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parties in 2013 with trying to hold and consolidate their power with whatever tools they have. look at the house of representatives where mitt romney won more congressional districts than president obama. but congressional democrats won more votes than those districts. those districts are very finely drawn to advantage the republican party. they have a virtual electoral lock on the house right now. there are not enough swing seats for democrats to compete because of the they were written. they're not representative of the speier country and the way the election turned out last november but they're a very different republican party than what we see countrywide. it's not going to be a surprise that each party is going to use whatever tool they have available. i think long-term it is going to become more difficult for republicans particularly in the south to ignore changing demographics. i think it is also hard to argue that you go to the ballot box and you're forced to show an i.d. when you're not forced to run a check for buying an
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assault weapon at a gun show. at the same time there are drivers, i mean at motor motor vehicle departments that offer nondriver's i.d.s. they are required for a lot of. >> you have to get on the subway, go to the department of transportation. >> if you live in texas you have to drive for miles. >> it's harder to get on the voting booth on election night. >> ask people in texas who have to travel for miles and hils to go to a dmv office to get an i.d. not true. >> i do think the republicans are trying to diminish the vote of the african-american as a citizen take away their effective citizenship and i hold reince bre bus the chairman of the party personally responsible for this. he has not lifted a finger to stop this effort in the 41 states. thank you for all the information. up next, from impeachment to immortality, bill clinton gets the ultimate washington honor. he gets to become a building. and be sure to catch our fim edition of the chris mooth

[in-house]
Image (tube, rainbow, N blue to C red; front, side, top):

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matthews show this weekend. join me as we address the big question, race in america's future. and also celebrate 11 great years on the air with a champagne toast, if you will. plus watch as my guests turn the tables and ask me all the questions this sunday. i'll have last thoughts as we close out what i think has been a great run. this is "hardball," the place for politics. my mantra? trust your instincts to make the call. to treat my low testosterone, my doctor and i went with axiron, the only underarm low t treatment.
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to the sideshow. you can file under this the heading "what were they thinking?" "rolling stone" magazine is under fire for its decision to put accused boston bomb eer dzhokhar tsarnaev on its cover this month. the magazine could have and should have anticipated the visceral rage this choice would
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make and it will continue to. just take a look at the side by side of tsarnaev with the other two rolling stone covers. the big question is why is the magazine elevating him to rock star status? a good question. the great mayor of boston called the cover a disgrace and several news stands and pharmacies have decided not to sell it. cvs explaining music and terrorism don't mix. got to happened it to cvs on that one. on a more positive note, nelson mandela turns 95 tomorrow, the great man. the milestone will be celebrated tomorrow night in times square with an encore presentation of "the power of words," a video installation that will simultaneously appear on the many big screen billboards that make the busy thoroughfare so famous. the attention-grabbing exhibit which was first displays in april features animations of mandela's own words. here's his grandson explaining the intention of the project.
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>> the peace represents my grand dad's words throughout his life and we've kind of correlated and created a really unique speech which will play out over a number of screens and will hopefully transform some of the values that i think my grand dad tried to carry throughout his life an. >> what a great opportunity to call nelson mandela your grand dad. the add space was donated by the times square advertising coalition. the video was produced in part by robert deanywhere low's tribeca film institute. up next, should kids be required to go to school? one utah lawmaker doesn't seem to think so. republican state senator aaron osmond has come out against compulsory education in the state claiming that mandatory education causes some to shirk prarntal responsibility. he explained his thinking in an op-ed. "some parents completely